Yeah, so lipid related diseases, which are also known as lipid metabolism disorders, are alterations in the use and the storage of fat in the body. Lipids are fat or fat like sources. And if you have one of these disorders, you may not have enough enzymes to break them down, okay? Or those enzymes may not work properly and your body can't convert the fats into energy resulting in a harmful increase of lipids stored in your body. So over time that can damage your cells and tissues, especially in the brain, in the peripheral nervous system, in the liver, in the spleen. Many of these disorders can be very serious or sometimes even fatal. In fact, according to Mayo Clinic, obesity is defined as a complex disease involving an excessive or an excess of body fat. In our study we focus in liver tissue. The most common lipid related disease in that tissue is called NAFLD. That stands for nonalcoholic fatty liver disease and that's strongly related to obesity.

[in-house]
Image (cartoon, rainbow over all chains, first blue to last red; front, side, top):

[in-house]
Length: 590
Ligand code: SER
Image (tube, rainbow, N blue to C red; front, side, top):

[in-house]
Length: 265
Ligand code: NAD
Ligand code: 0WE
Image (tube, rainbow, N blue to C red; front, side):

Derek Smith:

We are visiting on Baylor Connections today with Dr. Ramon Lavado, Assistant Professor of Environmental Science at Baylor. You mentioned a few examples of consumer products and where you find some of these chemicals that you're studying and their impact on obesity and other diseases. What should we know about those chemicals? How should we as consumers think about them and the things in which we find them?

Ramon Lavado: